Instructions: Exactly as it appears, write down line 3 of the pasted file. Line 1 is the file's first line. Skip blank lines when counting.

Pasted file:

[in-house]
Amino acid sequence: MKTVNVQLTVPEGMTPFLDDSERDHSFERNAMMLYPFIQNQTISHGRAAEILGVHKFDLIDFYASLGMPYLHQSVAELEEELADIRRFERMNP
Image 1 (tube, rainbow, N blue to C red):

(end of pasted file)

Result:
Image 1 (tube, rainbow, N blue to C red):